Even wealthier countries are not immune to the impacts. In the United States, for example, particularly vulnerable areas are: Miami Beach, the Chesapeake region, coastal Louisiana, and coastal Texas. In some of these areas, the land is sinking even as the oceans rise. This will have implications that extend right up to the steps of our nation’s Capitol. A recent study found that sea level rise of only a tenth of a meter would lead to $2 billion in property damage and affect almost 68,000 people in Washington, D.C. In addition, the enhanced threat of storm surges was illustrated last year when tropical storm Irene led to warnings that the New York City subway system and tunnels into the city could be flooded.

    But the most vulnerable regions lie in developing countries, where populations are still rising fast and there is little money to shore up infrastructure. The cities most threatened by sea level rise are places like Calcutta and Mumbai in India; Guangzhou, China; and Ho Chi Minh City, Vietnam. And of course, there are more than a few low-lying island nations – like the Maldives – that are already in imminent danger.

    Then there is Bangladesh. A one-meter sea level rise – which could happen as soon as 2050 according to some Antarctic specialists – could result in between 22 and 35 million people in Bangladesh relocating from the areas in which they now live and work. Two-thirds of this nation is less than five meters above sea level. For the nation’s 142 million people packed into a small space, climate change poses a nearly unimaginable challenge. The threat of sea level rise is not simply flooding, but saltwater intrusion that hurts the production of rice, the country’s staple crop. Increased damage to rice farmers could soon put 20 million farmers out of work and force them into crowded cities.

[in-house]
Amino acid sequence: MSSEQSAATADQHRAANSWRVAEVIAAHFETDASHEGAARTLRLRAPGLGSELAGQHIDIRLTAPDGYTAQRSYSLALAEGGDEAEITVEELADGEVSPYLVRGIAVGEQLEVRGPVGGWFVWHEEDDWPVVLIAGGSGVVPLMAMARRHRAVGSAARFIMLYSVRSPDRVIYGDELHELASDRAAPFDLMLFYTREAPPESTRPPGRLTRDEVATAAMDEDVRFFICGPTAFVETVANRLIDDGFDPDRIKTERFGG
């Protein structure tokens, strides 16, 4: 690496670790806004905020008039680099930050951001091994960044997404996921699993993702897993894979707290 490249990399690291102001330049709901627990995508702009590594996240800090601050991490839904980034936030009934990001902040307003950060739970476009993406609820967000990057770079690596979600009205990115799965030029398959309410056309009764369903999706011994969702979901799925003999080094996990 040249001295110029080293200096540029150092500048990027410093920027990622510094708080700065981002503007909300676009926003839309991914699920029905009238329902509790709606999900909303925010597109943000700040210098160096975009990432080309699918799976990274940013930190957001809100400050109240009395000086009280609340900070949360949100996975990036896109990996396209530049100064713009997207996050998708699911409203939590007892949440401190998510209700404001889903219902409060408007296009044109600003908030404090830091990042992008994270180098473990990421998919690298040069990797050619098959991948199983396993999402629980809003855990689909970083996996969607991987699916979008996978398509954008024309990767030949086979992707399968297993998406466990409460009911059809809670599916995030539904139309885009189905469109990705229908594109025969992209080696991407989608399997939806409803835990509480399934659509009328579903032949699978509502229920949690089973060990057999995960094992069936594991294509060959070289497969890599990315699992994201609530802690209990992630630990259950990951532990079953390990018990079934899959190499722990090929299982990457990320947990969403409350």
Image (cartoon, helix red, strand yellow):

Here in Antarctica, it’s easy to feel isolated from the rest of the world. But as I look at this exquisite continent buried deep under the ice, it’s troubling to think about what will happen as this ice melts ever more rapidly.”

    – Al Gore, originally posted at the Climate Reality Project.

  5. and lastly

    “Tanker trucks loaded with water have become the lifeline for a Texas lakefront village that came precariously close to becoming the state’s first community to run out of drinking water during a historic drought.

    Spicewood got its first delivery of water on Monday under dark clouds and rain. The 8,000-gallon water delivery arrived after it became clear the village’s wells could no longer produce enough water to meet the needs of the Lake Travis community’s 1,100 residents and elementary school, said Clara Tuma, spokeswoman of the Lower Colorado River Authority.

    The town uses wells, not the nearby lake, for its drinking water. Ryan Rowney, manager of water operations for the authority, said it plans to truck water into the Central Texas town for several more weeks while exploring alternatives, including drilling a new well or piping water from Lake Travis.”